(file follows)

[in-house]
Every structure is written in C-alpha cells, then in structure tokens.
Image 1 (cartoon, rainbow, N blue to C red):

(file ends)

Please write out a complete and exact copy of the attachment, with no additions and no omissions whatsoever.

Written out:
[in-house]
Every structure is written in C-alpha cells, then in structure tokens.
Image 1 (cartoon, rainbow, N blue to C red):